The Europeans, says Kney-Tal, after having reached a rational decision in favor of reconciliation, and having lived for six decades under peace and economic prosperity, have a problem in grasping Israel's difficult plight. "After the Second World War, Europe decided to abandon the use of force as a means to resolve disputes, and to set up the European Union, which operates on the basis of shared interests.... What drives them [the Europeans] crazy is states in the world like the U.S. and Israel, which don't recognize purely rational-legal rules of the game, and which believe that there are situations which require them to exercise their right of self-defense by resorting to the use of massive military force. The Europeans don't believe in a zero-sum game; instead, they try to cultivate interests shared by all the sides, while trying to create the widest possible common denominator."
After two devastating world wars, Kney-Tal says, Europe doesn't want to believe that there are situations in which arrangements can't be forged by negotiations. It has succumbed to cognitive dissonance: were the Europeans to indicate agreement with the claim that the Palestinian Authority uses incitement, and that such incitement leads to irrational actions such as suicide attacks, such agreement would contradict the manner in which the situation has been analyzed up to now, and the way they have wanted to view matters.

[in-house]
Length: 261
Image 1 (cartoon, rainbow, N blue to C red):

"They simply cannot accept this turn of logic - incitement leads to suicide attacks. Such acceptance would entail rejection of the creature they've created, the Palestinian Authority, an entity established largely through European assistance and funding," Kney-Tal says.
The European Union is proud that it enabled the Palestinian Authority to survive in recent years, in a period when Israel enforced severe economic sanctions against it.Go read the whole article.